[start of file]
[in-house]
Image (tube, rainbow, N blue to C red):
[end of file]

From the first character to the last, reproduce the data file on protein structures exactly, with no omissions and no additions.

[in-house]
Image (tube, rainbow, N blue to C red):